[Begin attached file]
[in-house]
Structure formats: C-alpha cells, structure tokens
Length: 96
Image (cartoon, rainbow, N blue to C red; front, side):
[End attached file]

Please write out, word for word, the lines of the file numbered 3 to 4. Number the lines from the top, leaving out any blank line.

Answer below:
Length: 96
Image (cartoon, rainbow, N blue to C red; front, side):